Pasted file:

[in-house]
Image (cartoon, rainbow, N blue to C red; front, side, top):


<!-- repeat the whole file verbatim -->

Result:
[in-house]
Image (cartoon, rainbow, N blue to C red; front, side, top):